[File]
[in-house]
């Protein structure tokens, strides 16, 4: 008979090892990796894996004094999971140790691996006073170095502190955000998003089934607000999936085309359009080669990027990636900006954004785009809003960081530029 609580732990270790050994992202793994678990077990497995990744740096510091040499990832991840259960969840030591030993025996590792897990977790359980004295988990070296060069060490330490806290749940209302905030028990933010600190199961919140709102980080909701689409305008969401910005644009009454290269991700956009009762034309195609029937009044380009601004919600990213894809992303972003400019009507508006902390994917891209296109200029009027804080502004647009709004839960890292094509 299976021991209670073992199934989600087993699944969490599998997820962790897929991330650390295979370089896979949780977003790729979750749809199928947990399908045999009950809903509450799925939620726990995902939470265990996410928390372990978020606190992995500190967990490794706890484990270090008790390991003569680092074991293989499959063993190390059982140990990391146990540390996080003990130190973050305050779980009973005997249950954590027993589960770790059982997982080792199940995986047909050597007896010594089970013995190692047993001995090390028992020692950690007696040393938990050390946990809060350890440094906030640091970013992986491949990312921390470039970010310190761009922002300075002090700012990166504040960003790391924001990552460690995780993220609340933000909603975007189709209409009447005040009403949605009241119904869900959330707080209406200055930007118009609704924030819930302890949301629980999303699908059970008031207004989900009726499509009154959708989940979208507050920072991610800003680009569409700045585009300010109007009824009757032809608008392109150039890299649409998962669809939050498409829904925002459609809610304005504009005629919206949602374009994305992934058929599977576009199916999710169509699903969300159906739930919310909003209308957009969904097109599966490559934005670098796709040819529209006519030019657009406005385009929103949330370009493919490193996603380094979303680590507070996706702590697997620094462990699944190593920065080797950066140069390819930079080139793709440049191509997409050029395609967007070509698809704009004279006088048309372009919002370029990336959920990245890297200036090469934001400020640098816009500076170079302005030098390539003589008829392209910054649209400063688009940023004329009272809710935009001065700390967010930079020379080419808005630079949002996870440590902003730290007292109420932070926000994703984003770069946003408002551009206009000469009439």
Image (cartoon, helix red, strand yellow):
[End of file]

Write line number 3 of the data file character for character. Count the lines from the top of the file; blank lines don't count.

Image (cartoon, helix red, strand yellow):